Abstract Title

Evaluating the Influence of Genotype and Ploidy Level on Gall Abundance and Diversity of Big Sagebrush (Artemisia tridentata) Across an Ecotone

Additional Funding Sources

This project was made possible by the NSF Idaho EPSCoR Program and by the National Science Foundation under Award No. OIA-1757324.

Abstract

Big sagebrush (Artemisia tridentata) is a widespread and threatened sagebrush species in western North America that is declining throughout the west. Big sagebrush supports a wide array of galls, formed by several different plant feeding gall midges (Cecidomyiidae). The factors driving gall abundance and diversity have not been studied in detail for the family Artemisia, and this study will evaluate how ploidy level, subspecies and hybridization may affect or drive the high diversity of gall formations in big sagebrush. Gall samples were quantified and collected across 4 plots along an ecotone spanning 1630 — 1850 m of elevation at Castle Rocks state park located in southern Idaho in June of 2021. Galls were evaluated for 20 plants per plot and the abundance of each morphotype per plant was classified as 0-5, 5-15, 15-25 or >25 galls. They have been sorted by general morphotype, location, and site number. Additionally, these galls were preserved for laboratory rearing to identify the gall midge or other arthropod that emerges from each gall morphotype. Comparing this data to the genetic data collected to estimate ploidy level and detect subspecies and hybrids will provide more insight to the mechanisms behind gall diversity in big sagebrush.

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Evaluating the Influence of Genotype and Ploidy Level on Gall Abundance and Diversity of Big Sagebrush (Artemisia tridentata) Across an Ecotone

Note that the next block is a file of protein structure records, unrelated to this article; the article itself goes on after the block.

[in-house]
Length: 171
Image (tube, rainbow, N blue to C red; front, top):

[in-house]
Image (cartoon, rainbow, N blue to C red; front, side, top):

Big sagebrush (Artemisia tridentata) is a widespread and threatened sagebrush species in western North America that is declining throughout the west. Big sagebrush supports a wide array of galls, formed by several different plant feeding gall midges (Cecidomyiidae). The factors driving gall abundance and diversity have not been studied in detail for the family Artemisia, and this study will evaluate how ploidy level, subspecies and hybridization may affect or drive the high diversity of gall formations in big sagebrush. Gall samples were quantified and collected across 4 plots along an ecotone spanning 1630 — 1850 m of elevation at Castle Rocks state park located in southern Idaho in June of 2021. Galls were evaluated for 20 plants per plot and the abundance of each morphotype per plant was classified as 0-5, 5-15, 15-25 or >25 galls. They have been sorted by general morphotype, location, and site number. Additionally, these galls were preserved for laboratory rearing to identify the gall midge or other arthropod that emerges from each gall morphotype. Comparing this data to the genetic data collected to estimate ploidy level and detect subspecies and hybrids will provide more insight to the mechanisms behind gall diversity in big sagebrush.